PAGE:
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CASA IMPERIAL - Crème de la Crème of Toronto’s Cantonese Banquet style Fine Dining! ( Long Review )

Charles Yu | Jan 7, 2018 03:00 PM

For years, this decade old gastronomic stalwart has been recognized by most as GTA’s top destination for high-end Cantonese fare. However, typical reviews by bloggers had focused mainly on commending the refined selection and well crafted array of, pricier-than-norm, traditional and nouveau southern style Dim Sum.
In my opinion, Casa Imperial’s forte is not the former, but rather, it is their frequently over-looked, exotic offering and polished execution of traditional, authentic and refined Cantonese cuisine. The best way to savor this culinary experience would be to participate in their prix-fix round table banquet style dinner. This multi-course dinner will afford the opportunity to show case the chef’s skill and creation, usually featuring rare and extravagant ingredients.
Tonight’s attendance of a distant relative’s Grand Child birthday dinner provided me with a rare opportunity to savor and relish this form of elegant fine Chinese dining in Toronto.

The round table, multi-course fare comprised the following progression of courses:
- Slow roasted whole suckling piglet.
- Fried de-boned whole chicken wings with flavored glutinous rice stuffing.
- Pan fried Tiger-prawns in Maggi sauce paired with seared Hokkaido diver scallops in spiced pepper salt.
- Braised Sharks Fin with freshly shucked crab meat.
- ‘Sha-Tin’ style whole hand-held, oil poached, roasted pigeons.
- Sautéed Pea-sprouts with shredded Conpoy ( Sun dried scallops )in Shan-Tong broth.
- Stirred fry twin lobsters with salted duck egg yolk batter coating.
- Steamed duo of Sea-Bass with finely julienned ginger and scallions in premium top soya sauce.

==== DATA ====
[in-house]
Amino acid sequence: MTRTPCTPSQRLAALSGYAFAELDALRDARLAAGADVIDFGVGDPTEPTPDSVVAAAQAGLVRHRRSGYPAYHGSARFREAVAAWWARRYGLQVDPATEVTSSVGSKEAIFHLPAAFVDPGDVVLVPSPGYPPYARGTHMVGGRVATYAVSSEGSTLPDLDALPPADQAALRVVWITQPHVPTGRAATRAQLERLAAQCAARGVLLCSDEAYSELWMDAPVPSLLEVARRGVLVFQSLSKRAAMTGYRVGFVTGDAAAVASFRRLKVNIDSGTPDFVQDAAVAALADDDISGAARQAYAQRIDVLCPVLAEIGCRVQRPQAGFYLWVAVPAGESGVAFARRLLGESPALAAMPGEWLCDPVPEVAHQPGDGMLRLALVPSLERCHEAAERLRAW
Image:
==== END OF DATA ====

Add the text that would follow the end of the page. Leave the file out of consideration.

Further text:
- Traditional steamed ‘Lotus Leaf’ mixed meat and seafood fried rice.
- Braised E-Fu noodles with mixed mushrooms and abalone sauce.
- Mochi with Sesame paste filling and purple rice dessert soup.
- Mango jello cake and Chinese Almond cookies.

On the whole, the entire meal was well executed and lovingly presented. A testament of the skill of the kitchen.

Food delivery and service by a brigade of efficient, well-coordinated and friendly staff resulted in the arrival of the food at the table, still fresh and hot.

Now, onto the FOOD!
Majority of food were of high caliber. A few stand out dishes included the superb roasted pigeons. Well seasoned with crispy lacquered skin and juicy, moist interior. It was finger licking good. Reminiscent of Hong Kong’s iconic Michelin star Fook Lam Moon’s famed rendition!
The crispy and rather unique stuffed Chicken-wing, taken from a page from Hong Kong’s Michelin 2* Celebrity Cuisine(?), was a delicious ‘finger-food’, kicked up a notch!
Considering the quantity involved, the umami ladened crunchy Tiger prawns and sweet, seared Scallops were perfectly cooked and delivered piping hot!
The heart and soul of a well prepared Shark’s Fin soup rests mainly on the taste and quality of the ‘ Shan Tong’ broth used. In Casa Imperial’s case, the commendable, delicate, umami rich and delicious broth played a major part in the success of the dish. Of course, the generous amount of fresh crab meat used also helped!
Usually watery and unassuming, however, Casa Imperial’s version of the sautéed pea-sprouts was surprisingly full of attractive ‘wok-hay’ goodness. Again, the amount of shredded Conpoy used was extremely generous.
Considering the quantity involved, cooking of the steamed sea-bass was perfectly timed to the second. Once again, a reflection of the skill of the chefs.

Unfortunately, amongst the suite of admirable and delectable dishes, the otherwise, almost perfect, meal was slightly marred by a couple of mild and tolerable disappointments. The first dish that comes to mind was the Roasted Suckling Piglet. Supposedly offering slices of addictive, fluffy light and crunchy skin, sadly a few of the Casa Imperial’s offering was a bit dense and lacked the desirable crispy texture and mouth feel. The other slightly weak dish was the stirred fry lobsters. Cooked a touch dry, the morsels lacked the eagerly anticipated, finger-licking and sticky goodness of the salty rich, duck egg yolk. Both dishes actually fared better in the hands of Casa Imperial’s sister establishment - ‘ Casa Victoria ‘s kitchen.

Still, overall, the meal was most enjoyable and worthy of praise. If this high standard of food preparation can be consistently maintained, Casa Imperial’s position as one of GTA’s top Cantonese fine-dining establishment should be hard to unseat!

Tong Ha Supreme BBQ,
Thai Shan Inn,
Casa-Imperial
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